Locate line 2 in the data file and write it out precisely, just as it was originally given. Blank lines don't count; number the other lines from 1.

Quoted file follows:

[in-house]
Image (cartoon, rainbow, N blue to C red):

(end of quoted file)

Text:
Image (cartoon, rainbow, N blue to C red):